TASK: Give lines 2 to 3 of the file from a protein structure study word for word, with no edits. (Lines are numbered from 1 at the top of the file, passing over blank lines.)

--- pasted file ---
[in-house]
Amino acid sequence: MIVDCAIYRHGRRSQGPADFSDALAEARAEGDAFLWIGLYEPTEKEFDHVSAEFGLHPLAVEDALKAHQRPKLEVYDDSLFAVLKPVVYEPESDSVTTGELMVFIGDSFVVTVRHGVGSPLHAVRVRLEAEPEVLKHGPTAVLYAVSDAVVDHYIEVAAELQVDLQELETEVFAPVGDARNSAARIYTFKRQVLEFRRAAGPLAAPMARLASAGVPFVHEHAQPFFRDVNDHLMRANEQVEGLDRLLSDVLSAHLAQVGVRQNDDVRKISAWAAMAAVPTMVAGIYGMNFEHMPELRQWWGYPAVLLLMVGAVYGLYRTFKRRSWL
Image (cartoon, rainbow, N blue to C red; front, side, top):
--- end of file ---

Amino acid sequence: MIVDCAIYRHGRRSQGPADFSDALAEARAEGDAFLWIGLYEPTEKEFDHVSAEFGLHPLAVEDALKAHQRPKLEVYDDSLFAVLKPVVYEPESDSVTTGELMVFIGDSFVVTVRHGVGSPLHAVRVRLEAEPEVLKHGPTAVLYAVSDAVVDHYIEVAAELQVDLQELETEVFAPVGDARNSAARIYTFKRQVLEFRRAAGPLAAPMARLASAGVPFVHEHAQPFFRDVNDHLMRANEQVEGLDRLLSDVLSAHLAQVGVRQNDDVRKISAWAAMAAVPTMVAGIYGMNFEHMPELRQWWGYPAVLLLMVGAVYGLYRTFKRRSWL
Image (cartoon, rainbow, N blue to C red; front, side, top):